These dynamics relate to another important distinction between copays and PAPs: Manufacturers cannot provide coupons to beneficiaries of government programs--such as Medicare and Medicaid--while such beneficiaries can be eligible for some PAPs. Coupons are considered a direct inducement to buy a specific product, in violation of the federal anti-kickback statute in the Social Security Act. This law makes it a criminal offense to "knowingly and willfully offer, pay, solicit, or receive any remuneration to induce or reward the referral or generation of business reimbursable by any federal health care program."

However, because manufacturers' donations to independent charitable PAPs may not be tied to the use of a specific drug, those programs are not seen as a direct inducement. According to the Centers for Medicare and Medicaid Services (CMS), "PAPs can provide assistance to [Medicare] Part D enrollees and interface with Part D plans by operating 'outside the Part D benefit' to ensure separateness of Part D benefits and PAP assistance." One important caveat is that aid on behalf of a PAP enrollee does not count toward that enrollee's Medicare Part D true-out-of-pocket expenditure, which determines when a beneficiary reaches the catastrophic coverage threshold at which Medicare covers the vast majority of drug costs.

Exhibit 1 lists the types of patient financial support and indicates both the level of manufacturer control and the availability of the support to public program beneficiaries.

Exhibit 1
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Appropriate PAP Use

Manufacturer donations to PAPs have grown significantly over the past twenty years. A 2000 GAO report found that PAPs sponsored by members of the brand pharmaceutical industry group Pharmaceutical Research and Manufacturers of America (PhRMA) provided $500 million worth of products to 1.5 million people in 1998. By 2014, donations through PAPs increased to $7 billion annually, 93 percent of which was attributable to manufacturer PAPs that gave away drugs, for which they received a tax write-off. In 2017, ten of the fifteen largest US charitable foundations administer some form of PAP.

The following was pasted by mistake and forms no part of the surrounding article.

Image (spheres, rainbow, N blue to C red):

As PAPs have grown in size, relationships between the organizations and drug manufacturers have come under intensified scrutiny. Some PAPs' independence has been called into question, and there have been investigations (for example, by the Internal Revenue Service) into whether manufacturers have wrongly received tax breaks as a part of the arrangements.

Impact On Patients' Choices

From the patient's perspective, financial assistance through any avenue may come as welcome relief when a physician recommends or prescribes a specific brand-name drug with a high price tag. Drug manufacturers contend that their financial support allows doctors and patients to make the most appropriate prescribing decisions, irrespective of cost. They also argue that the support improves adherence to therapy by keeping patients on their existing medicines.

On the other hand, some stakeholders have noted that the impact of coupons on consumers' out-of-pocket expenditures is time limited (most can be used for no more than a year) and that when coupons expire, patients may be reluctant to switch to an available lower-cost generic or preferred brand with which they might not be familiar.

Impact On Price Increases

Express Scripts, a large pharmacy benefit manager strongly opposed to manufacturer-sponsored financial support, cites a report that found that during the five years following generic entry, coupons increase total drug spending by $30-$120 million per drug, or $700 million to $2.7 billion for all drugs studied, between 2007 and 2010. The study concluded that coupons "are associated with faster branded price growth," with roughly a 5 percent increase in price growth per year when the manufacturer makes coupons available. (Additional published perspective pieces and studies have been similarly critical of cost increases related to PAPs.)